Before I started cutting and gluing, I spent a few days just thinking about what order I was going to put things together in. I ended up deciding to do the hardest part first, the woofer cabinets. The first thing I did was cut out the front and rear baffles for both enclosures. Due to the nature of the curved sides, I needed to cut a slight 5 degree angle along both edges. With that part out of the way, I had a template for exactly how wide I needed to make the narrow edges of the 3 curved inner braces, one for the top, one for the bottom and one between the woofers. Before I went further, I cut out the recess and driver holes in the baffle because I would not be able to after it is mounted. For the braces I cut out 6 square pieces with one dimension that matched the depth I needed. Using the front and rear baffles, I marked on opposite sides of one square piece where the curved edge starts and ends. Then I put together a make-shift compass using string, and drew a 1′-8″ radius curve along both sides, starting and ending on those marks. I cut along these lines using a saber saw, or hand held jigsaw, and then I sanded the edges smooth so there were no bumps. Now I had a template for the last 5 braces. Using the best invention ever created, the Irwin Quick Grips, I clamped each piece on top of this template, and using a flush trim router bit I one by one cut out exact matches to the first. Now with one hard part out of the way, I had to cut an 8″ diameter hole in two of these braces for the middle section which was done using the router and circle jig. Before I could start gluing and screwing, I had to cut out a few more small braces that would not only make the enclosure stronger but also help with the construction process. To get the spacing between the top and middle plates accurate, I cut two rectangular scraps to the length that I needed and glued them in place, spacing them about 2 inches apart, side to side. With these two pieces together, I was able to use those small braces as screw points and attach the rear baffle next. After letting this set up over night, I started by gluing the last curved brace to the rear baffle on the bottom. After that I was ready to attach the front baffle, and with that completed I had the inner frame ready for walls. Next were the curved sides. I cut them about 2 inches larger than I needed in both directions so I had enough play. Then I cut 7/8″ deep grooves lengthwise in each piece 1″ apart. Be careful after this step because the integrity of the wood has weakened significantly and may break if it is bent too far in the wrong direction. I then took one of the frames and screwed the front edge of the side flush with the baffle. With this locked in place, I curved the sides around to the back to see how much I needed to trim off so it would be flush with the rear. After trimming a few times it was finally perfect so it was glued and screwed in place. I repeated this step for the rest of the three sides until they were finished. I let this portion set up for a few days because of the odd shape. As I said, the sides were about 2 inches too long when I started, so there was an inch of overhang on the top and bottom that needed to be trimmed off. I did plan on this because there was one more layer that needed to be attached to the top and bottom, and by trimming this overhang with the router I knew I would get it perfectly flush. Since the sides were curved I had to go extra slow with the router but it worked perfectly when I was finished. Then I cut out 4 more square pieces for the final tops and bottoms. These were attached and allowed to sit overnight, then routed flush to match the curve of the sides. This process worked better than I expected it to. With the bottom enclosures just about ready to finish, I measured and marked where the PVC in lays were going to be to mount the upper cabinets. This was a simple process as well, and it only took one turn of the router and circle jig set at 3-1/4″ diameter with a spiral cut bit at a depth of 1/4″ for each mount, with two mounts per speaker. Then I started on the upper enclosures. There wasn’t anything special about this process, other than the midrange baffles. When the 6 sided box was finished, I cut the recess and through-hole for the tweeter. With that out of the way, I cut four squares out that were slightly larger than the width of the baffle and mounted them using glue and screws to each end of the box on opposite sides of the tweeter hole. After these dried over night, I trimmed the edges flush to the sides of the box. I then measured the centers of the woofer cut outs and used that same pivot for cutting the curved edge next to the tweeter. I set the router bit depth to 3/4″ and figured out what exact diameter I would need to finish clean on both sides. After I determined this it just took one swipe from side to side and then I had a curved midrange baffle. Now it was the daunting task of cutting the through holes through 1-1/2″ of MDF. I don’t remember how many passes it took, but the router was nice and warm when I was finished with all four holes. The last big thing to do with the upper sections before paint was to cut the same PVC recesses in the bottoms of the enclosures to match the recesses in the tops of the woofer enclosures. This was done by using the same technique. Then finally, I put a 1/4″ round over on all the sides (which is easy with new router bits). With all four cabinets ready for finish work, the hard part was over. The bottom sections were going to be partially finished using real wood veneer which I had never used before. I tested a few small pieces on scraps with contact cement just to make sure I knew what I was doing. After those dried I knew I was ready for the real thing. I cut small narrow strips for the top sections of the cabinets and laid them down first. I used the flush trim bit yet again to trim off the access and it worked flawlessly. I repeated the steps for the front and rear edges, and finally the sides. They were really starting to come together. I stained them with 3 coats of Minwax Cherry with polyurethane. I sanded with super fine steel wool between each coat, for a finish that you can see your reflection in. The rest of the lower enclosures and the whole upper enclosures both get finished with Rustoleum Stone Accents in black. I thought this would add a different texture and depth to the look. I used between three and 4 coats on each section and let dry for 48 hours. For the short PVC stand offs, I used 2 coats of flat black primer. With everything almost complete, I stuffed the cabinets with acoustic foam and Acousta Stuf using the correct amount of each, and mounted the crossovers below the terminal cutout in the back. I mounted brass cones to the bottoms to isolate them from the floor and used the new Dayton brushed aluminum bi-amp terminal plates for a higher end look. I waited until I got them home to mount drivers and bolt the cabinets together, as they are easier to carry in four pieces. Make sure these are in the vicinity of their final location because they are very heavy when they are finished.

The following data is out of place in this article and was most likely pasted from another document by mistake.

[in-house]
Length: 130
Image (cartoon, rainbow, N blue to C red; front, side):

Conclusion